EARTH DAY #50 AND GREENER BUILDINGS: “The ones who caught on the fastest to what we were doing were the business leaders – the CEOs, the CFOs and the building owners,” stated Mary Tod Winchester, retired Vice-President for Administration, Chesapeake Bay Foundation, when reflecting on the value green building has delivered for people and the planet
Greener Buildings Are Part of a More Sustainable Future
“For facility owners and managers, green building has been a cornerstone of environmental action,” wrote Sarah Stanley, Director of Communications for the U.S. Green Building Council, in an article that celebrated the 50th anniversary of the first Earth Day.
In the article, Sarah Stanley states that “there are many milestones to reflect on that continue to help motivate and inspire progress.” Milestones include these three:
- 2000 – Philip Merrill Environmental Center in Annapolis, Maryland, becomes the first LEED Platinum building
- 2000 – Kandalama Hotel in Sri Lanka becomes the first LEED-certified hotel and international project
- 2019 – More than 100,000 registered and certified LEED projects in the world
“Earth Day and beyond is an opportunity to recognize the progress made and the opportunities that still lie ahead.”
Philip Merrill Environmental Center
In the article, Sarah Stanley describes how “the Chesapeake Bay Foundation (CBF) cemented its position in green building history when its headquarters in Annapolis, Maryland, became the first LEED Platinum building in the world. The pioneering work became the envy of business leaders and organizations who visited from around the world looking for ideas to take back to their own offices and teams.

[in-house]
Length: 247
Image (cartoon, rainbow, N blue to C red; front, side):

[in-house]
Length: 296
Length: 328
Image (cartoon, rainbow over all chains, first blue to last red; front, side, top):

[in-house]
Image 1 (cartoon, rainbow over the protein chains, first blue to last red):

She quotes Mary Tod Winchester, CBF’s retired vice president for administration, as follows:
“The ones who caught on the fastest to what we were doing were the business leaders – the CEOs, the CFOs and the building owners. They were obviously looking at the bottom line and not necessarily what it would cost them, but what the operating costs were going to be. They talked with staff and quickly realized it was a place people wanted to work and loved to work. They really picked up on so many pieces of the puzzle. They would go on and incorporate what they saw into their own office buildings or new builds. And when you have businesses doing that you move markets.”
The Philip Merrill Environmental Center is named for Philip Merrill, an American diplomat, publisher, banker, and philanthropist.
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